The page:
General Honoré VialGénéral de division and ambassador to Switzerland who died during the Battle of Leipzig
Born: February 2, 1766
Place of Birth: Antibes, Alpes-Maritimes, France
Legion of Honor: Officer
Imperial Nobility: Baron
Died: October 18, 1813
Cause of Death: Apoplexy
Place of Death: Leipzig, Germany
Arc de Triomphe: VIAL on the south pillar
The older brother of cavalry officer Jacques-Laurent-Louis-Auguste Vial, Honoré Vial's military career began when he joined the navy in 1788. Four years later he was a lieutenant in the infantry in Corsica, helping to defend Bastia and later serving as an aide-de-camp to General Rochon. In June of 1792 Vial became aide-de-camp to General Delmas in the Army of the North, and in this position he took part in the sieges of Crèvecouer and Bois-le-Duc. For a brief time, he served in the cavalry of the Army of the North as a captain.
Promoted to chef de brigade in December of 1794, Vial was transferred to the Army of the Alps in June of 1795, and later he joined the general staff of the Army of Italy. Serving on the Italian campaign of 1796, General Bonaparte promoted Vial to général de brigade in August of 1796 and then sent him on a mission to Turin. At the Battle of Arcola , Vial fought in Masséna's division and a few days afterwards was transferred to Joubert's division. After commanding the light infantry of Joubert's division at the Battle of Rivoli , he went on to occupy Roveredo and Trente and win a battle at Segonzano. In March of 1797 Vial was placed under Baraguey d'Hillier's command and he went on to serve at Tramin and later seize the bridge at Neumarkt. Vial continued to command brigades of light infantry for the rest of his tenure in Italy, but in January of 1798 he was transferred to the Army of England.
The next month Vial was named commander of Rome and a month after that he was designated for the newly renamed Army of the Orient. Placed under General Menou, he fought at Alexandria, and then took command of Menou's division for the Battle of the Pyramids . Shortly after the battle, he was ordered to occupy Damiette and he then commanded the provinces of Damiette and Mansourah for the remainder of the year. In January of 1799 Vial joined Bon's division and served in the Siege of Acre. That April he occupied Sour and fought at Mount Tabor before he returned to Acre to take part in the siege once again.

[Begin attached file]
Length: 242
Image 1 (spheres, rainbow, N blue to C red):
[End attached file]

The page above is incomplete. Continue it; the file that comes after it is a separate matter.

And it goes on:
Finally returning to France in December of 1800, Vial was put on non-activity in September of 1801 but then sent as an envoy to Naples in May of the following year. Promoted to général de division in August of 1803, a few months later he was replacing General Ney as France's ambassador to Switzerland, a position he would hold for the next five years. Despite serving in a diplomatic post, rewards would still be offered to Vial, as he became a Commander of the Legion of Honor in June of 1804 and a Baron of the Empire in August of 1810.
In 1809 General Vial was named Governor of Venice by Emperor Napoleon's orders. In this position, he helped serve against the insurgents of the Tyrol. Vial fulfilled administrative posts for the next few years until given command of the 6th Infantry Division in April of 1813. Serving in Germany, Vial led his division into battle as part of Marshal Victor's II Corps, fighting at the Battle of Dresden.
Two months later Vial was commanding his division at the Battle of Leipzig . Vial was speaking with Marshal Victor when a ball fired by the Russian artillery flew past Victor and then ricocheted, flying directly in front of Vial's face. Vial let out a cry and clutched his chest , falling dead on the spot. Dr. Larrey later examined Vial's body and seeing no wounds and hearing of the manner of his death, suggested that the ball's proximity to Vial's mouth had asphyxiated him.1 More likely Vial died of apoplexy or heart failure, possibly resulting from the stress of the near miss.
Please see the Appendix about the name VIAL on the Arc de Triomphe.
- La Sabretache, Carnet de La Sabretache: Revue Militaire Rétrospective, (Paris: Berger-Levrault, 1896), IV:215.
Updated March 2015
© Nathan D. Jensen